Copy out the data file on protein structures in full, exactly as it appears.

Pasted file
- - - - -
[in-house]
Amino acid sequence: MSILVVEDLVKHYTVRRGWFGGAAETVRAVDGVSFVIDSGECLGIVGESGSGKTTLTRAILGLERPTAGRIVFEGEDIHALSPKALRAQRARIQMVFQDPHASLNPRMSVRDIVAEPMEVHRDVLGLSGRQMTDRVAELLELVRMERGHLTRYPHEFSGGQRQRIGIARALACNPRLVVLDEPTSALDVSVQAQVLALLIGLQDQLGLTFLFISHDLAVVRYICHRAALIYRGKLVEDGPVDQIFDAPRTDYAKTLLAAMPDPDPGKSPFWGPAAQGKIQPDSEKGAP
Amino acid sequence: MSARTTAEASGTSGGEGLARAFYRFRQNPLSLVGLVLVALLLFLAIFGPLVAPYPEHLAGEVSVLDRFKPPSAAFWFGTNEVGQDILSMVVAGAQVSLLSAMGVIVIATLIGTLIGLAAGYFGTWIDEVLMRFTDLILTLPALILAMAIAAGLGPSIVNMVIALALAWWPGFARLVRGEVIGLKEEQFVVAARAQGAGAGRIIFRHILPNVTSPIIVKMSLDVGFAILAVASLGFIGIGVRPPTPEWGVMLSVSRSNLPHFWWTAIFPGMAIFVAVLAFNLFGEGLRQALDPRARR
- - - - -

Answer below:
[in-house]
Amino acid sequence: MSILVVEDLVKHYTVRRGWFGGAAETVRAVDGVSFVIDSGECLGIVGESGSGKTTLTRAILGLERPTAGRIVFEGEDIHALSPKALRAQRARIQMVFQDPHASLNPRMSVRDIVAEPMEVHRDVLGLSGRQMTDRVAELLELVRMERGHLTRYPHEFSGGQRQRIGIARALACNPRLVVLDEPTSALDVSVQAQVLALLIGLQDQLGLTFLFISHDLAVVRYICHRAALIYRGKLVEDGPVDQIFDAPRTDYAKTLLAAMPDPDPGKSPFWGPAAQGKIQPDSEKGAP
Amino acid sequence: MSARTTAEASGTSGGEGLARAFYRFRQNPLSLVGLVLVALLLFLAIFGPLVAPYPEHLAGEVSVLDRFKPPSAAFWFGTNEVGQDILSMVVAGAQVSLLSAMGVIVIATLIGTLIGLAAGYFGTWIDEVLMRFTDLILTLPALILAMAIAAGLGPSIVNMVIALALAWWPGFARLVRGEVIGLKEEQFVVAARAQGAGAGRIIFRHILPNVTSPIIVKMSLDVGFAILAVASLGFIGIGVRPPTPEWGVMLSVSRSNLPHFWWTAIFPGMAIFVAVLAFNLFGEGLRQALDPRARR